Labour Insists on N15 kw/h Reduction in Electricity Tariff

Nigeria Labour Congress, NLC, Thursday, sounded a note of warning to the Federal Government, insisting that the agreement reached with Organised Labour on reduction of electricity tariff by N15 per kilowatt-hour, KWH, by December must be respected.

NLC said: “The posture of the Federal Government to flout agreements is completely unacceptable and would be resisted.”

NLC in a statement by its President, Ayuba Wabba, also demanded a 40 percent reduction of gas price to the Electricity Generating Companies, GENCOs, contending that instead of the $2.50 per standard cubic feet, SCF, it should be $1.50.

While rejecting the reported government-approved reduction of domestic gas prices for electricity generation from $2.50 to $2.18, SCF, Labour noted that it did not only fall short of expectation, it equally breached the agreement both parties reached earlier in February that gas must be sold to the GENCOs in local currency.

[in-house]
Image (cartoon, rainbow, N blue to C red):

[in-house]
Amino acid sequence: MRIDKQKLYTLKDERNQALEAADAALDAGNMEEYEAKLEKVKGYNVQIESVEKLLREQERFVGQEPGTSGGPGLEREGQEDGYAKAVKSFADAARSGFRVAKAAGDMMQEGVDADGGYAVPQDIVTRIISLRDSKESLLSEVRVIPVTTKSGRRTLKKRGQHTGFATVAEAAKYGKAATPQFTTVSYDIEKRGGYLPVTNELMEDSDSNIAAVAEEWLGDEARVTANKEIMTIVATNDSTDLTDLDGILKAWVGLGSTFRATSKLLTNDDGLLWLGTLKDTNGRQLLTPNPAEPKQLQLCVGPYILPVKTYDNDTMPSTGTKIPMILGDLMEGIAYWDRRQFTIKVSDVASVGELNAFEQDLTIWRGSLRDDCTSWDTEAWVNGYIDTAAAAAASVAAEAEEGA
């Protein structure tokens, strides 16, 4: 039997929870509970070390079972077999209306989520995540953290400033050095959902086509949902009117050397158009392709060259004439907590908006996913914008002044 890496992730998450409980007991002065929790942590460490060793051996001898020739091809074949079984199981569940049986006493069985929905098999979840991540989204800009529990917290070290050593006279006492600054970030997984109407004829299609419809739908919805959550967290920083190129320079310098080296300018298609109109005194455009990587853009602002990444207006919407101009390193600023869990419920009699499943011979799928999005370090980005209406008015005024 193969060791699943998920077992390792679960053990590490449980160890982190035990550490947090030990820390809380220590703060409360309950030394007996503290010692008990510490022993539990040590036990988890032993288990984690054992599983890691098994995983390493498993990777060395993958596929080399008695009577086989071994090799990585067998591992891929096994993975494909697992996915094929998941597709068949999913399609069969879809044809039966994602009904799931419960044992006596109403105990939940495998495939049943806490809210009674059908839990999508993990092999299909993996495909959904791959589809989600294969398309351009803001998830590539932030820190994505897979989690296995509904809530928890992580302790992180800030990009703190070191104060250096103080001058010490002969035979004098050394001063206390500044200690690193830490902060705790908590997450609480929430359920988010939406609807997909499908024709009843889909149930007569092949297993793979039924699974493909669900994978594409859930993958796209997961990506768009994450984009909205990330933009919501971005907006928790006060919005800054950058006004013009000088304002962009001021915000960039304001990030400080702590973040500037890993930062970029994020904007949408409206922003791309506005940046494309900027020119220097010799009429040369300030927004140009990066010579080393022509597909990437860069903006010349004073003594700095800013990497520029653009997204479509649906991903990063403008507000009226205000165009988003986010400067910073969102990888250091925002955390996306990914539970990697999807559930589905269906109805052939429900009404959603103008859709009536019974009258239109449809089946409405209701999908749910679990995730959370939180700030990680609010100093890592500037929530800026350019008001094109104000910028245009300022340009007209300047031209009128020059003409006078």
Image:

Among others, NLC said: “It is significant that the incessant increase of electricity tariff was one of the several issues discussed between the representatives of the Federal Government and Organised Labour on September 28, 2020.

“Specifically, an agreement was reached at the meeting to set up a Federal Government of Nigeria, FGN-Organised Labour Technical Committee on Electricity Tariff.

“Indeed, the public will recall that at the close of the meeting, Dr Chris Ngige, Minister of Labour and Employment, made a statement to the media that the electricity tariff will go down considerably.

“Congress also wishes the Nigerian public to know that about 80% of electric energy generated in Nigeria is from thermal stations, which are powered by natural gas.

“In fact, the GENCOs consume over 70% of domestic gas production. Whereas the GENCOs are required to pay as much as $2.50 per standard cubic feet (SCF).

“Other gas users, however, get the same at lower rates, ranging from $1.50 to $1.70 per SCF. The worn explanation for the incongruous high differential was the lack of timely payment by the GENCOs for the gas supplied.”


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